Have you ever witnessed a true wonder of nature? It never ceases to amaze us with its creatures that are sometimes so hard to comprehend. RBG has become a home to one of them. And now a rare botanical spectacle is about to open up: the giant corpse flower (aka amorphophallus titanium) will shortly be in bloom. Rarer than a solar eclipse, the titan blooms only once in a decade or even once in 30 years, and it lasts less than a week.
Why is it so rare?
Titan arum can get almost five metres high and weigh up to 100 kg. Can you imagine how much energy it takes to sprout an enormous bud? The leaves could get four metres wide and the flower-like covering is equally large. This is why the corpse flower needs to be old enough and develop a large underground tuber.
When it puts out a shoot everyone tracking the corpse flower keeps guessing if the bloom time has come or it’s just another giant leaf. The bloom is often triggered by heat which the amorphophallus titanium loves – a nod to its Sumatran origins. After weeks of anxiously watching the plant excited staff finally noticed the bud covers revealing the flower underneath…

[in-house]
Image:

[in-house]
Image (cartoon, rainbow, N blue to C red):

Exactly how smelly is it?
The name of this titan famously comes from the smell it spreads around when in bloom. Some say it reminds them of rotten meat or spoiled cheese. Others who’d like to be more dramatic about it picture a decaying corpse when they smell the plant’s odor.
But regardless, this phenomenon has a solid reason behind it. To ensure the pollination by flesh flies and other insects who feed on dead animals the flower tries to closely mimic their look with the smell and a blood coloured covering. It even goes as far as heating up to a normal body temperature around 36.7C to improve the likeness further and attract the pollinators.
How to witness this wonder?
If you love to connect with nature in a meaningful way visit the bloom to see the different side of the world’s beauty. Get away from the routine walks in the park and make unbelievable memories you’ll cherish for your lifetime.
Come to Royal Botanical Garden to see this remarkable sight, and share this blog post to invite your friends too. Don’t miss out on other events RBG has to offer and subscribe to our blog for updates.